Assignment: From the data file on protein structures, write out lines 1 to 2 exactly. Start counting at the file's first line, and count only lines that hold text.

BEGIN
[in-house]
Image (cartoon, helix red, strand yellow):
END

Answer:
[in-house]
Image (cartoon, helix red, strand yellow):